3.3.2Workspace context

Workers indicated whether they had a dedicated space to conduct work in their homes, selecting from choices: “Yes, I have a dedicated room for work activities (e.g., home office, library, study),” “Yes, I have a dedicated workspace with other uses (e.g., kitchen, living room, bedroom),” and “No, I work in a variety of spaces, rooms, or locations around my home (e.g., couch, bed, dining table).” Respondents indicated if other people (e.g., family, roommates) were usually present in the same space while working and if they used any of the following items in their workspace: regular office desk, standing office desk, make-shift desk (e.g., table), adjustable office chair, non-adjustable chair, laptop/tablet computer, desktop computer, adjustable monitor, non-adjustable monitor, peripheral keyboard, peripheral mouse/trackpad, foot rest, document holder, natural light, task light, adjustable thermostat, local temperature control. Finally, we asked the workers to rate their level of satisfaction across multiple indoor environmental quality (IEQ) factors using a 5-point Likert scale, with 1 being extremely dissatisfied and 5 being extremely satisfied. Satisfaction with the visual environment was calculated as the average score of satisfaction with natural lighting, electric lighting and glare. Satisfaction with the thermal environment was calculated as the average satisfaction with the indoor air temperature and humidity. Satisfaction with air quality and noise were individually rated.

3.3.3Work context

Respondents identified if they had adjusted their work schedule due to working at home by selecting either or both: “I now schedule my work hours around others” or “I have adjusted my work hours (earlier/later, switched days of week, shorter/longer).” The presence (yes) or absence (no) of other individuals or pets in the home were indicated across the following categories: independent adult (other than respondents themselves), dependent adult (e.g., special needs, geriatric care), teenage child (13–18), school-age child (6–12), toddler (2–5), infant (<2 years), pets (e.g., dogs, cats). Respondents indicated ways in which their home workspace was obtained selecting any responses that were true among the following choices: “I purchased new items for myself,” “My employer purchased new items for me,” “I brought items home from my office,” and “I did not get anything new.” We also asked respondents to rate their communication levels with their coworkers, their workload expectations or requirements, and distractions while working during the WFH period relative to their status before WFH. For these questions, a 5-point Likert scale was used with 1 being much lower and 5 being much higher.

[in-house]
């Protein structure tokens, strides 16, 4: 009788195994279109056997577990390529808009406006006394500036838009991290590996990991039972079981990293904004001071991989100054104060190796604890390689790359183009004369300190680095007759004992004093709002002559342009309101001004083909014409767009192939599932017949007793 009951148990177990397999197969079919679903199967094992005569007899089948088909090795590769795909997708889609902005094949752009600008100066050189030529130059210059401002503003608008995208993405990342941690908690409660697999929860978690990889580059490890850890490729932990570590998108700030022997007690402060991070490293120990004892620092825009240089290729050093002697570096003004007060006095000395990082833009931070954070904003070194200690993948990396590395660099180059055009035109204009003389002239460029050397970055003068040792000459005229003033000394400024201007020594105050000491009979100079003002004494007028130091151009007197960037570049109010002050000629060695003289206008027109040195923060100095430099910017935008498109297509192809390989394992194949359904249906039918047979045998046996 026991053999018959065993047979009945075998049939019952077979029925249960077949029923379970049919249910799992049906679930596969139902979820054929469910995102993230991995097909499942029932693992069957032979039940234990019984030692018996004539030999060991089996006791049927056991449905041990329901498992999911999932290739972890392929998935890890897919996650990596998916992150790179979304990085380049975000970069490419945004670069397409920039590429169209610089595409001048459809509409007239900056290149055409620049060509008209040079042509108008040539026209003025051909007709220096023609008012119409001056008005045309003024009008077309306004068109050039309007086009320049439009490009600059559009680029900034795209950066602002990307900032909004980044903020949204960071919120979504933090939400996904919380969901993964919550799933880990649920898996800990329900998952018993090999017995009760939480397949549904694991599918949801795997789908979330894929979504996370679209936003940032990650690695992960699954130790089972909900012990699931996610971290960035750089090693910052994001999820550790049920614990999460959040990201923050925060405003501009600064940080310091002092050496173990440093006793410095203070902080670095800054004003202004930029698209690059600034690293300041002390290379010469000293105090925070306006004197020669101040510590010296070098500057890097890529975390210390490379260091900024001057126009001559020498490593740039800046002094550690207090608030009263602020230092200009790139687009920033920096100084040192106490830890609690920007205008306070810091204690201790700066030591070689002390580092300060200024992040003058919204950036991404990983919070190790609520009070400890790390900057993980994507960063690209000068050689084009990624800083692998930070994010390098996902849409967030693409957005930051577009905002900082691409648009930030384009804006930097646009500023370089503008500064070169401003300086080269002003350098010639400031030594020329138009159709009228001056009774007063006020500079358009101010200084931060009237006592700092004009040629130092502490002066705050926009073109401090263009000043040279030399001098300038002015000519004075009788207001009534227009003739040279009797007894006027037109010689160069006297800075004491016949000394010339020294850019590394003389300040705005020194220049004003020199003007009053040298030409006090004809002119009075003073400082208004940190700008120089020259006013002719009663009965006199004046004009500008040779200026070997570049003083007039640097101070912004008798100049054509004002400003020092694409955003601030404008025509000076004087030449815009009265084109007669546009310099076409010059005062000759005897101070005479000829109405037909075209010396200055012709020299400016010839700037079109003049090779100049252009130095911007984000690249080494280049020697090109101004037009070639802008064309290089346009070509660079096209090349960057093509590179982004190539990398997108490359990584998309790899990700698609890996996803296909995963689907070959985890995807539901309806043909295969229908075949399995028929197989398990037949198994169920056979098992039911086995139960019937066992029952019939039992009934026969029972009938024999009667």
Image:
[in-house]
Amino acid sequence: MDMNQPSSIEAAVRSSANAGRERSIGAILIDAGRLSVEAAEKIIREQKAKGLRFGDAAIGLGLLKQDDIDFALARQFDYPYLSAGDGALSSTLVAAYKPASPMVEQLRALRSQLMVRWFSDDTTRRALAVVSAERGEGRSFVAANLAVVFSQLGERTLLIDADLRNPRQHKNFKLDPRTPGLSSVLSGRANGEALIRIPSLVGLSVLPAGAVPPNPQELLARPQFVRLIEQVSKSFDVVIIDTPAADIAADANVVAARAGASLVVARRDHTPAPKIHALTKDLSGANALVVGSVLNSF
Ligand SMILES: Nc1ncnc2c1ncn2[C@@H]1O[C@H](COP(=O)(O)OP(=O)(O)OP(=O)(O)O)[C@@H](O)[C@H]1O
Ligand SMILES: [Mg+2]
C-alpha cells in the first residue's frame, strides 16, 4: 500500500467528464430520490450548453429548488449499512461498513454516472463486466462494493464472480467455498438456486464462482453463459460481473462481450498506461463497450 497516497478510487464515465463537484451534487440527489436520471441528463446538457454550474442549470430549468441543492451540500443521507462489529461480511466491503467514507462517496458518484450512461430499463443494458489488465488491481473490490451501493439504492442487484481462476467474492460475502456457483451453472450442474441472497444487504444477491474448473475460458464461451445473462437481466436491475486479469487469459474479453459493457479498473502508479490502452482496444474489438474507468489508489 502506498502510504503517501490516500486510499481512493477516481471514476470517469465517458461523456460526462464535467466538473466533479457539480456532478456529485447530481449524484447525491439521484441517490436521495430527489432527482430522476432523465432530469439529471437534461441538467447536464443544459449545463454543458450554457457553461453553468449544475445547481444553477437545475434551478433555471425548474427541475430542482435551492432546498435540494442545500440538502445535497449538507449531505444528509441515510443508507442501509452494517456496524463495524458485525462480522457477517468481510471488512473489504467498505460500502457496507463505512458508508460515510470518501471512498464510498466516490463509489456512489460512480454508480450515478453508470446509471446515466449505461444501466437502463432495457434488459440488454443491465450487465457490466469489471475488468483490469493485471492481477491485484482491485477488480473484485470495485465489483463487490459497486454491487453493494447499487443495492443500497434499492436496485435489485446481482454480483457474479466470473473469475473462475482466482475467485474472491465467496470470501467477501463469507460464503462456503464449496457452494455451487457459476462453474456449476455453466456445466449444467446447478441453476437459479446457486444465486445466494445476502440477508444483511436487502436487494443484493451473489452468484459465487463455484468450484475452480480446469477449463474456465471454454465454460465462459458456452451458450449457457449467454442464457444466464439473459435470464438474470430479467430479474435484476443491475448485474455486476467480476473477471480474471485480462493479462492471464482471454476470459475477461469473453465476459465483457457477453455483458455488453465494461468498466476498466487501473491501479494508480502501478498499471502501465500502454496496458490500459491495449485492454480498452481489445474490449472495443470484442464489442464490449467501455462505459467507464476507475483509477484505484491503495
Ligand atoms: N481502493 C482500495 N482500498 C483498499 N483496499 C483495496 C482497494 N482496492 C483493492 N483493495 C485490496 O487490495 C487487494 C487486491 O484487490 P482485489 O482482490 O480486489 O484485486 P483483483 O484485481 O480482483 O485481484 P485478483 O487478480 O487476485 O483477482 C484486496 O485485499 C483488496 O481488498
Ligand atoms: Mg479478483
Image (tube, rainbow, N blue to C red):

3.3.4Work experience

We examined two variables of interest relative to understanding changes in how work is conducted during WFH relative to pre-pandemic, in-office engagement: productivity and hours spent at a workstation on a typical workday. To assess productivity, respondents rated their productivity relative to the status before WFH using a 5-point Likert scale with 1 indicating much lower productivity, 3 indicating the same as before, and 5 indicating much higher productivity. Ratings for “relative productivity” were normally distributed around an average value of 2.90 (SD = 1.16). Respondents provided an estimate of the duration of time they engaged at their workstation on a typical workday before and after WFH during the pandemic. Six choices were provided starting with the first choice as “less than 2 hours” and the sixth choice of “more than 10 hours,” with an increment of 2 hours between each choice and its successor. The “change in time spent at a workstation” was calculated as the difference between the number of hours reported after WFH due to the pandemic from the hours reported before WFH. On average, the time spent at a workstation increased by 1.46 hours (SD = 3.00) during WFH. A correlation analysis was conducted to test for any association between the two outcomes, finding very low association between relative productivity and change in time spent at a workstation (r = 0.12, N = 962, p < 0.001).

3.4Data analysis